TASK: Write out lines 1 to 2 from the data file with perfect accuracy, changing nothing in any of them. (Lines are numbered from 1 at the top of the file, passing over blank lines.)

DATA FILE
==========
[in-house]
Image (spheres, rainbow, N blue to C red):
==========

[in-house]
Image (spheres, rainbow, N blue to C red):